Making the most out of the emotions of your story is not just a macro exercise of shaping your screenplay so that these emotional beats exist, you can also benefit from referencing emotion in the line-by-line writing of the script.

First off, your character introductions should be about the character’s personality, rather than their appearance; these thumbnails are vital for getting the first readers of your script to connect with your story – I’ve written about this at greater length here.

You can also use emotion when describing behaviour in the action of your script. Because of the screenwriting dictum “don’t describe anything you can’t see or hear” many rookie writers opt for describing emotional behaviour literally. Characters scratch their heads, lower their eyes, smile broadly or slam their fist on the table, as required. While this can successfully communicate the emotion to the reader, it can sometimes be ambiguous – is the character lowering their eyes out of shame, embarrassment, sadness? This leads the writer to describe behaviour that is unambiguous in its meaning, and the result often reads as too big or clichéd. We forget that a big part of the job of an actor is to communicate their character’s emotions. In this respect emotion is something you can see – the actor will make it visible through their performance. Besides, the line:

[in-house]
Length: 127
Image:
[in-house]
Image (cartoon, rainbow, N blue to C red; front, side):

‘On Tariq: his patience wearing thin.’

Makes for a quicker, clearer read than:

‘Tariq paces up and down, then stops and wipes his hand down his face.’

Better to allow the reader to imagine what Tariq is doing to express his loss of patience, than to set them the task of trying to guess his mood from behavioral ticks. The most important thing is that we know what he’s feeling.

Some writers don’t describe emotional responses at all, or do so rarely. This is often because they are too focused on the intricacies of their plot, or the geography of their action sequence; as a result their scripts tend to be incomprehensible or sawdust dry.

Stanley Kubrick said:

A film is – or should be – more like music than like fiction. It should be a progression of moods and feelings. The theme, what’s behind the emotion, the meaning, all that comes later.

Stanley Kubrick expressing the emotion of happiness.

If the audience’s prime desires were to watch tanks being blown up, landmark buildings being demolished by aliens, or the myriad other set-piece spectacles that movie can provide, they would probably turn to online mash-ups and save themselves hours of watching characters talking to each other. Whether the audience are conscious of it or not, the primary reason they’re watching the movie is for an emotion experience.   And that’s what we’ve got to give them.

Copyright © Guy Ducker 2019

Edited by Dr Sara Lodge

Leave a Reply

Fill in your details below or click an icon to log in: Logo

You are commenting using your account. Log Out /  Change )

Twitter picture

You are commenting using your Twitter account. Log Out /  Change )

Facebook photo

You are commenting using your Facebook account. Log Out /  Change )

Connecting to %s